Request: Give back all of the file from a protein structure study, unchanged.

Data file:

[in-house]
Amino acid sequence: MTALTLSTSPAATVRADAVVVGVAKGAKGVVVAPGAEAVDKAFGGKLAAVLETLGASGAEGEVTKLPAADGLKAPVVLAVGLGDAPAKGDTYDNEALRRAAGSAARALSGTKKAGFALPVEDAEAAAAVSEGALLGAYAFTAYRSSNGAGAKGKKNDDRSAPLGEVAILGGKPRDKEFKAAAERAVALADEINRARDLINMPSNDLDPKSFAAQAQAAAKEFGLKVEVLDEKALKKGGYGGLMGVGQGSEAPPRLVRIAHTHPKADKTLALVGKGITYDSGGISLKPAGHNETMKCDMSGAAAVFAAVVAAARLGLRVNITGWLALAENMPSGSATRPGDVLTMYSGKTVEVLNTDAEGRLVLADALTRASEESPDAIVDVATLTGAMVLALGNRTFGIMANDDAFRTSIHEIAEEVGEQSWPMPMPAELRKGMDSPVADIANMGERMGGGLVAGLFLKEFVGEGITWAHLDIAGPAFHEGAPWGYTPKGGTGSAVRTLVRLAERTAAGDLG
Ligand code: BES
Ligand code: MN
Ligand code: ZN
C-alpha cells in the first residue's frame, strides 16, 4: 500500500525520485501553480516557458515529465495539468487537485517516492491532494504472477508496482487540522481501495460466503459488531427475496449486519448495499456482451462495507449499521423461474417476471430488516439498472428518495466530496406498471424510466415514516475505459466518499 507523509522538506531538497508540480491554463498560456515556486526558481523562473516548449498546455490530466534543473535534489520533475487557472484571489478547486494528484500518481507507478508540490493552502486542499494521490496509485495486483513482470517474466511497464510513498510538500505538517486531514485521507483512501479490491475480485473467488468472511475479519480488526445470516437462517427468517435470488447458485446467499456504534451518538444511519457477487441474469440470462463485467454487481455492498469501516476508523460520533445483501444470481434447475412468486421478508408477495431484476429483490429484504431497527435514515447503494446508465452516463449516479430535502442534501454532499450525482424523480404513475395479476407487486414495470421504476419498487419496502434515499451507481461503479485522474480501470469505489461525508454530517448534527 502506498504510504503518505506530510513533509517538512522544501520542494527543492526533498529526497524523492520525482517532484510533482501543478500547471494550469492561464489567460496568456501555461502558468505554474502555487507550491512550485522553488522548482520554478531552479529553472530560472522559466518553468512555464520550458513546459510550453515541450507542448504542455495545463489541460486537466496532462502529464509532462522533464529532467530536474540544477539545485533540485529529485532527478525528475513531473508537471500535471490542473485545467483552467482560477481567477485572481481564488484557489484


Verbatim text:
[in-house]
Amino acid sequence: MTALTLSTSPAATVRADAVVVGVAKGAKGVVVAPGAEAVDKAFGGKLAAVLETLGASGAEGEVTKLPAADGLKAPVVLAVGLGDAPAKGDTYDNEALRRAAGSAARALSGTKKAGFALPVEDAEAAAAVSEGALLGAYAFTAYRSSNGAGAKGKKNDDRSAPLGEVAILGGKPRDKEFKAAAERAVALADEINRARDLINMPSNDLDPKSFAAQAQAAAKEFGLKVEVLDEKALKKGGYGGLMGVGQGSEAPPRLVRIAHTHPKADKTLALVGKGITYDSGGISLKPAGHNETMKCDMSGAAAVFAAVVAAARLGLRVNITGWLALAENMPSGSATRPGDVLTMYSGKTVEVLNTDAEGRLVLADALTRASEESPDAIVDVATLTGAMVLALGNRTFGIMANDDAFRTSIHEIAEEVGEQSWPMPMPAELRKGMDSPVADIANMGERMGGGLVAGLFLKEFVGEGITWAHLDIAGPAFHEGAPWGYTPKGGTGSAVRTLVRLAERTAAGDLG
Ligand code: BES
Ligand code: MN
Ligand code: ZN
C-alpha cells in the first residue's frame, strides 16, 4: 500500500525520485501553480516557458515529465495539468487537485517516492491532494504472477508496482487540522481501495460466503459488531427475496449486519448495499456482451462495507449499521423461474417476471430488516439498472428518495466530496406498471424510466415514516475505459466518499 507523509522538506531538497508540480491554463498560456515556486526558481523562473516548449498546455490530466534543473535534489520533475487557472484571489478547486494528484500518481507507478508540490493552502486542499494521490496509485495486483513482470517474466511497464510513498510538500505538517486531514485521507483512501479490491475480485473467488468472511475479519480488526445470516437462517427468517435470488447458485446467499456504534451518538444511519457477487441474469440470462463485467454487481455492498469501516476508523460520533445483501444470481434447475412468486421478508408477495431484476429483490429484504431497527435514515447503494446508465452516463449516479430535502442534501454532499450525482424523480404513475395479476407487486414495470421504476419498487419496502434515499451507481461503479485522474480501470469505489461525508454530517448534527 502506498504510504503518505506530510513533509517538512522544501520542494527543492526533498529526497524523492520525482517532484510533482501543478500547471494550469492561464489567460496568456501555461502558468505554474502555487507550491512550485522553488522548482520554478531552479529553472530560472522559466518553468512555464520550458513546459510550453515541450507542448504542455495545463489541460486537466496532462502529464509532462522533464529532467530536474540544477539545485533540485529529485532527478525528475513531473508537471500535471490542473485545467483552467482560477481567477485572481481564488484557489484